Capnocytophaga Canimorsus Infection Causes Symptoms Treatment

Capnocytophaga Canimorsus Infection Causes Symptoms Treatment

Capnocytophaga canimorsus

Capnocytophaga is a genus of bacteria found in human and animal mouths and gums. This bacteria can cause human infection, particularly in people with weakened immune systems. It exists in humans as well as dogs and cats without causing illness.

Capnocytophaga is a Gram-negative bacillus that is difficult to grow in laboratory cultures. It evades the immune system through various virulence factors and can cause blockages of small blood vessels, leading to a characteristic rash, organ failure, and tissue death. The spleen plays a crucial role in defense against this bacterium.

Causes of Capnocytophaga

People with impaired immunity are at higher risk for infection with this bacterium, including those who drink excessive alcohol, have no spleen or impaired spleen function, have liver disease, have uncontrolled diabetes, are newborns, or have inherited or acquired immune deficiencies.

Capnocytophaga canimorsus is not contagious from person to person, but can be transmitted from animals to humans through close contacts such as Licks, scratches, and bites.

Infections caused by Capnocytophaga canimorsus usually manifest symptoms within a few days to a week after contact, but the incubation period may vary.

Symptoms of Capnocytophaga

Common symptoms and signs of Capnocytophaga canimorsus infections include fever, cold sensations, confusion, joint and muscle pain, headache, stomach pain, vomiting, diarrhea, and blisters or pus at the site of the bite or scratch.

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In some cases, the infection may progress to sepsis or septic shock, which can cause a pale or grayish skin, rapid pulse, low blood pressure, rash, color changes in digits or limbs, respiratory failure, kidney failure, and heart complications.

Diagnosis of Capnocytophaga

Doctors diagnose Capnocytophaga canimorsus by culturing and identifying the bacterium in blood samples. This process may take some time due to the slow growth of Capnocytophaga.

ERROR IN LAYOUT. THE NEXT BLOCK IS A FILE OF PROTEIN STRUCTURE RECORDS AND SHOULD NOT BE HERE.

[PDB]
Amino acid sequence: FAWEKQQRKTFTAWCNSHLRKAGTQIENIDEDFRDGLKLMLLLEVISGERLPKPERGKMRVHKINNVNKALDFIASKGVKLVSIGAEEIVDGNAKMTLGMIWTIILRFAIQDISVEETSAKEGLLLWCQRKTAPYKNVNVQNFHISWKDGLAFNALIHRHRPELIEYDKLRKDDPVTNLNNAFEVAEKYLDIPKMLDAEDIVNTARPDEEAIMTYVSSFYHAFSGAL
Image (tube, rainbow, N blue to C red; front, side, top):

Treatment for Capnocytophaga

Treatment for Capnocytophaga infections varies depending on the severity and progression of the disease. It often involves intravenous antibiotics, fluids, and medications to raise blood pressure. Supportive care may be necessary for respiratory and kidney failure, as well as treatment for gangrene.

Prognosis of Capnocytophaga

The prognosis of Capnocytophaga infections depends on early treatment and immune function. It is essential to seek immediate medical care if bitten by a dog or cat. Complications can include long-term organ damage, gangrene, and death.

Capnocytophaga during Pregnancy

Pregnant women may have a slightly weakened immune system, increasing the risk of infection, including Capnocytophaga canimorsus. This bacterium can cause complications during pregnancy, such as premature delivery, fetal death, low birth weight, or sepsis in the newborn.

Prevention of Capnocytophaga

Currently, there is no vaccine available for Capnocytophaga infections. The best way to prevent infections is to limit contact with pets during periods of impaired immune function. It is crucial to promptly wash any skin coming into contact with pets or pet saliva and to seek medical attention for animal bites.

Always consult with a healthcare professional for specific medical advice and treatment.

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Sources:

  • Butler, T. "Capnocytophaga canimorsus: an emerging cause of sepsis, meningitis, and post-splenectomy infection after dog bites." Eur J Clin Microbiol Infect Dis 34.7 July 2015: 1271-80. doi: 10.1007/s10096-015-2360-7. Epub 2015 Apr 1.
  • Janda, J.M. Chapter 235: "Capnocytophaga." Mandell, Douglas and Bennett’s Principles and Practice of Infectious Diseases, Eighth Edition. Saunders, 2015.
  • Low, S., and J. Greenwood. "Capnocytophaga canimorsus: infection, septicaemia, recovery and reconstruction." J. Med. Microbiol 57.7 (2008): 901-903. doi:10.1099/jmm.0.47756-0
  • United States. Centers for Disease Control and Prevention. "Capnocytophaga." Updated Oct. 16, 2018. Accessed Aug. 7, 2019.

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